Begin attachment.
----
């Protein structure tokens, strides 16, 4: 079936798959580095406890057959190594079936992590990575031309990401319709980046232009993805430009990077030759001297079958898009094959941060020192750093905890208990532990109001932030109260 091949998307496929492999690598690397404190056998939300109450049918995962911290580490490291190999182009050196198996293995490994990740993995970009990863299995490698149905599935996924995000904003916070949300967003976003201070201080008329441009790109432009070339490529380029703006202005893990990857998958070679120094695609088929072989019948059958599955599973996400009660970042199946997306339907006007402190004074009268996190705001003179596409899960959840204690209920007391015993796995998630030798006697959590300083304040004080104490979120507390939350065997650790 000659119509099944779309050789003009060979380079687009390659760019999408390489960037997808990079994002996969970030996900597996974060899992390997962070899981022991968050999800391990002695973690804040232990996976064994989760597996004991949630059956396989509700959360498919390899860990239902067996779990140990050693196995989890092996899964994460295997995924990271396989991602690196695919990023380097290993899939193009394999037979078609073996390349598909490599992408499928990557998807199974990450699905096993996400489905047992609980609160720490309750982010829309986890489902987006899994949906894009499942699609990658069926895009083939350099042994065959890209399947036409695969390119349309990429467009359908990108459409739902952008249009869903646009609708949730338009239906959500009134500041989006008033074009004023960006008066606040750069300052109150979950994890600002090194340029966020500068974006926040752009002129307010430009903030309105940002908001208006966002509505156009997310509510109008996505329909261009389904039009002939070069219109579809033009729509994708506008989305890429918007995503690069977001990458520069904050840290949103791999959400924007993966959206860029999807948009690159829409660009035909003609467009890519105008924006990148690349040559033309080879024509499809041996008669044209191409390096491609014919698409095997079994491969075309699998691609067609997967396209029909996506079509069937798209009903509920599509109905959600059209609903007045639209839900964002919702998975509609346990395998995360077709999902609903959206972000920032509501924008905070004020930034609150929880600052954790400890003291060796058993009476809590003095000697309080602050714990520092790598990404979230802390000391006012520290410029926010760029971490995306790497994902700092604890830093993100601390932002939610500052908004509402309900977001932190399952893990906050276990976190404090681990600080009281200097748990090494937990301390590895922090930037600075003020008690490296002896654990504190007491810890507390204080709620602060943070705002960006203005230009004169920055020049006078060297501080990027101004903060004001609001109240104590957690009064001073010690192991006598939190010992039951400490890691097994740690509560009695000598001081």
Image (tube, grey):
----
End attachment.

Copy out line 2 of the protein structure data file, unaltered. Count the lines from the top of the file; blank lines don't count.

Image (tube, grey):